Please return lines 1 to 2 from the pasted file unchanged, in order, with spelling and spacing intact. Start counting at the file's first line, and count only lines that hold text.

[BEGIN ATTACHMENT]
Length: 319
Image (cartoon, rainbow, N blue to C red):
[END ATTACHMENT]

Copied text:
Length: 319
Image (cartoon, rainbow, N blue to C red):